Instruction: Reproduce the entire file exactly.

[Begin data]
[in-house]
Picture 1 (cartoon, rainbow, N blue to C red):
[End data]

[in-house]
Picture 1 (cartoon, rainbow, N blue to C red):